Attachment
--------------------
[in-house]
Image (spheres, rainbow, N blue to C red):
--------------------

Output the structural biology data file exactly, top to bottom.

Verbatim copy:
[in-house]
Image (spheres, rainbow, N blue to C red):